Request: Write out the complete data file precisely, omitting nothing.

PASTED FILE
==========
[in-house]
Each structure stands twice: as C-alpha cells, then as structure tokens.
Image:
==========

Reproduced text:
[in-house]
Each structure stands twice: as C-alpha cells, then as structure tokens.
Image: